right to access to courts by the change in the protocol; and the
acquisition of the sodium thiopental violates the controlled
August 19, 2010: The State of Washington filed a
motion requesting the court deny the motion for a stay.
August 31, 2010: The Honorable Judge John c.
Coughenour issued an order denying Brown's motion for a stay.
Sept. 2, 2010: Brown filed an emergency motion for
a stay of execution in the 9th Circuit Court of Appeals. Brown’s
motion argues that the lethal injection team is unqualified and that
he was denied a full and fair hearing in both the state court and the
district court because he was not permitted to conduct discovery
regarding the qualifications and experience of the team members. He
has asked for a stay until he has been given the opportunity to
conduct discovery of the team members’ qualifications and experience.
The state filed a response. Brown also filed an emergency motion to
stay the execution along with his third personal restraint petition in
the Washington State Supreme Court. Brown argues the execution of his
death sentence will violate the state and federal Constitutions. He
asserts his death sentence should be reversed because information
relating to his mental illness (bipolar disorder) was improperly
downplayed during sentencing.
Sept. 3, 2010: Brown filed a third motion in King
County Superior Court, seeking a stay of execution based on his
allegation that he is incompetent and cannot be executed as a result.
King County is responding to this motion.
Sept. 4, 2010: The Ninth Circuit Court of Appeals
issued a 2-1 decision, denying confessed murderer and rapist Cal
Coburn Brown's motion for a stay of his pending Sept. 10 execution.
Sept. 7, 2010: Brown filed a petition for
certiorari and an application for a stay of execution in the US
Supreme Court alleging the US District Court, Western Washington, and
the Ninth Circuit erred in denying a stay. The King County Superior
Court denied Brown's Sept. 3 motion for a stay of execution based on
his allegation that he is incompetent and cannot be executed as a
Sept. 8, 2010: Brown filed a motion for
reconsideration of the Sept. 7 King County Superior Court ruling
denying his motion for a stay. King County Superior Court then denied
his motion for reconsideration. The Washington Supreme Court denied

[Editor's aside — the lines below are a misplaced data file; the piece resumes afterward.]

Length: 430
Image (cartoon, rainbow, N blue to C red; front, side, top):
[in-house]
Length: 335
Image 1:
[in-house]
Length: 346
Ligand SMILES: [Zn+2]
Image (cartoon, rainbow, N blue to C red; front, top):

Brown's Sept. 2 motion for a stay of execution in his third personal
restraint petition in which he argued he is incompetent and cannot be
executed as a result. Governor Chris Gregoire issued a statement
declining to grant Brown's petition to commute his sentence from death
to life in prison without possibility of parole.
Sept. 9, 2010: The US Supreme Court denied Brown's
motion asking the court to hear his appeal challenging Washington’s
lethal injection protocols. Brown filed a motion requesting a stay of
his execution in US District Court, Western Washington, in Seattle.
His motion before District Court Judge John C. Coughenour argues that
absent his medication, he would be incompetent to be executed. This
motion, while similar to the motion before the state Supreme Court, is
unrelated. The Washington State Supreme Court denied Brown's motion
requesting a stay of his scheduled execution and arguing that absent
his medication, he would be incompetent to be executed. Judge
Coughenour rejected Brown's motion for a stay. Brown appealed to the
Ninth Circuit Court of Appeals. The Ninth Circuit Court of Appeals
denied his motion for a stay. Brown appealed the earlier decision by
the Washington State Supreme Court to the US Supreme Court who did not
respond by midnight.
Sept. 10, 2010: Brown was put to death by lethal
injection. His time of death was 12:56 a.m.
Wash. executes man convicted of woman's murder
By Shannon Dininny and Nicholas K. Geranios -
September 9, 2010
WALLA WALLA, Wash. — Convicted killer Cal Coburn
Brown was executed early Friday by lethal injection for the rape,
torture and murder of a Seattle-area woman, after delivering a
statement complaining he was treated unfairly by the legal system.
Brown, 52, died at 12:56 a.m. PDT, after a four-member team injected a
lethal one-drug cocktail in the execution chamber of the Washington
The father, brother and two sisters of his victim,
Holly Washa, 21, witnessed the execution, as did King County
prosecutor Dan Satterberg. Brown protested sentencing disparities,
saying that criminals who had killed many more people, such as Green
River killer Gary Ridgway, were serving life sentences while he
received a death sentence. "I only killed one victim," he said. "I
cannot really see that there is true justice. Hopefully, sometime in
the future that gets straightened out."
Brown did not apologize to the family of the victim,
but said he understood their emnity for him. He said he forgave that
hatred, held no emnity toward them and hoped the execution would give
them closure. He also said the prison staff had been most professional
and that he had no complaints about his treatment there in 17 years.
After his comments, Brown, who was lying on his
back strapped to a gurney, looked up at the tubes sticking out of the
wall and connected to his body. When the drug was administered, his
chest heaved three times and his lips shuddered, then there was no
movement. Brown's attorney and members of his family were not present